Category Archives: Environment
New York City Moves to Ban Cigarette Sales to People Under 21
A bill introduced to the New York City Council would ban cigarette sales to anyone under the age of 21. The current age limit is 18. "Too many adult smokers begin this deadly habit before age 21," City Council Speaker Christine Quinn said. "By delaying our city's children and young adults access to lethal tobacco products, we're decreasing the likelihood they ever start smoking, and thus, creating a healthier city." Though not introduced by Mayor Michael Bloomberg, he does support the bill. New York City also has the highest taxes on cigarettes of any U.S. city, with a city tax of $1.50 on top of a state tax of $4.35. Read more on tobacco.
Insurance Authorization Delays Trap Psychiatric Patients in ERs
Thousands of hours of physician time is lost each year caring for emergency department patients in need of psychiatric care, but waiting for insurance authorization to be admitted into the hospital, according to a letter to be published in the May issue of Annals of Emergency Medicine. Researchers found that about half of authorizations were completed in less than 20 minutes, but 10 percent took at least an hour. About 2.5 million people are admitted to hospitals for psychiatric care each year. "Psychiatric care is really the poor stepchild in the world of insurance coverage," said lead author Amy Funkenstein, MD, of Brown University in Providence, R.I.. "Insurance carriers reimburse poorly and as a consequence, hospitals often have inadequate resources for patients who urgently need this care. The situation is so dire that ERs are now being designed and configured to house psychiatric patients awaiting placement as inpatients. These patients deserve better." Read more on mental health.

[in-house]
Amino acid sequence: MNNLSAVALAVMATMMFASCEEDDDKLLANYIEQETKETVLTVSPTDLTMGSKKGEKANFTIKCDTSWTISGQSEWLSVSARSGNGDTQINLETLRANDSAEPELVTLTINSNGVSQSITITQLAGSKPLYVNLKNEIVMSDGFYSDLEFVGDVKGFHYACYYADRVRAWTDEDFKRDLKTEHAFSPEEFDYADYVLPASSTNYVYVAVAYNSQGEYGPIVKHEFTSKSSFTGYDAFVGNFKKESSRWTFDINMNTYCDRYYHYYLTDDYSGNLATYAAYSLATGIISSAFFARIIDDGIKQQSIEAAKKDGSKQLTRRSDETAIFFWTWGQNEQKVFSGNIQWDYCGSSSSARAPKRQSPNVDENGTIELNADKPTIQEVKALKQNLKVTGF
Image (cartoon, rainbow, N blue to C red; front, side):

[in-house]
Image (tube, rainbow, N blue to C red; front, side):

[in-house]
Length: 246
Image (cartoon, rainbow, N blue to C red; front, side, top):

Report Finds Positive, Negative News on U.S. Air Quality
Areas across the country have seen a mix in terms of improvement of air quality over the past decade, according to a new report from the American Lung Association (ALA). "The long-term trend is positive and headed to much cleaner air," said author Janice Nolen, ALA's assistant vice president of national policy and advocacy. "[However], there is an uptick in some areas that are a concern and some areas where the problem remains very, very serious." Approximately half of the 25 most polluted cities in 2000 saw improvements in air quality, with the others seeing declines. And some of the “improved” cities still were highly polluted, such as Los Angeles and Bakersfield, Calif. Houston, Dallas, Oklahoma City, Cincinnati, New York City and Washington, D.C. were the other cities with the highest levels of ozone. Overall, the report found that 132 million people were living in 254 counties with unhealthy levels of ozone or particle pollution. Read more on environment.